National Bobblehead Hall of Fame and Museum, Milwaukee We challenge you to keep from bobbing along at the National Bobblehead Hall of Fame and Museum in Milwaukee’s Walker’s Point neighborhood. The world’s largest collection of pop culture nodders (6,500-plus) opened this year, starring Babe Ruth, Flo the Progressive insurance saleswoman, and a rockin’ party of politicians and religious figures from across history. How’s that for a cross-cultural spectacle?
Aire Ancient Baths, Chicago Step one: Stow away your phone. At Aire Ancient Baths in Chicago’s River West warehouse district, staff take relaxation seriously. The subterranean space that was once a paint factory has walls so thick that even the car horns on West Superior Street can’t wedge their way between you and some serious ancient Roman bliss.
Pronounced AYE-ray (for “air”), Aire re-creates the cavernous candlelit bathhouses of the Greek, Roman and Ottoman empires—with a few updates. Swimsuits are mandatory, for example, and the exfoliation area has pink Himalayan salt, not metal instruments.
The Ancient Thermal Bath Experience is the standard for many first-timers. Starting at $84, it includes 90 minutes to indulge in all eight pools and two steam rooms. For the wish list? The Red Wine Experience for Two (starting at $800) includes a wine soak in an antique Venetian well and a full body massage.
Photo courtesy of Aire Ancient Baths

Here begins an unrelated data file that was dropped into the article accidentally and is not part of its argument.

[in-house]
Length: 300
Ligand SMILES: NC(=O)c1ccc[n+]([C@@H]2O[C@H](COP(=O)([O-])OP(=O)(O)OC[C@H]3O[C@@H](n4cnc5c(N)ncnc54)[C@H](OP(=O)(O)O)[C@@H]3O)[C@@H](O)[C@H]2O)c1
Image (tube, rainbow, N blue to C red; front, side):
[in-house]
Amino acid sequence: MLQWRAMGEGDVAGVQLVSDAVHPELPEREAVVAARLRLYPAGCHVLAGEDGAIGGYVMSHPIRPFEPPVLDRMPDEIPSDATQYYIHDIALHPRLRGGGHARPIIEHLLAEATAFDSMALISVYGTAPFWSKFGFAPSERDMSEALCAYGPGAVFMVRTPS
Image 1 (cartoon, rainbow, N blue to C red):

The Art Institute of Chicago, Chicago The institute launched a dynamic two-year series this year. Through spring 2021, Iterations will feature seven artists from around the world, each presenting commissioned work anchored in sound, spoken word, choreography and other performance practices. Turkish artist and musician Cevdet Erek kicked off the series in February with his obscurely titled chiçiçiçichiciçi, featuring a fence structure, a sound installation and a graphic score.
Iterations will feature exhibitions throughout the museum’s galleries and public spaces. Next up: Swiss artist Alexandra Bachzetsis will use choreography, music and voice to explore the aesthetic of the uncanny in Chasing a Ghost. Bachzetsis’ performances, October 31–November 2, will take place in the ornate Chicago Stock Exchange Trading Room.
Photo courtesy of The Art Institute of Chicago.
Major League Quidditch, Minneapolis That fictional flying sport from J.K. Rowling’s Harry Potter series has landed in Minneapolis. In the spectator-friendly Major League Quidditch semipro league, PVC pipes sub in for brooms, nobody flies (for long) and teams score points with a volleyball—but you can still call it a quaffle if you’d like.
The Minneapolis Monarchs launched this year, joining 14 MLQ teams in the United States and Canada. In the Midwest, you can catch the Cleveland Riff, Detroit Innovators, Indianapolis Intensity and Kansas City Stampede, along with the Monarchs.
The competition is chaotic, physical and fun to watch. Show up in person or tune into the action on Facebook Live at mlquidditch.com.
The Lanes, Oshkosh, Wisconsin Leave Dad’s league shirt in the closet because Oshkosh’s new 10-lane bowling alley may just inspire you to slip into a flapper dress. The Lanes is tucked in the basement of a historic Tudor Revival event space called The Howard. Cushy armchairs and couches, chandeliers, and a menu of speakeasy-esque cocktails evoke a hangout from the pages of The Great Gatsby. Reserve a bowling lane in advance, then sip on a Greenpoint Manhattan while you bowl. Crack 200 on the score sheet? Order a round of brandy ice cream sundaes.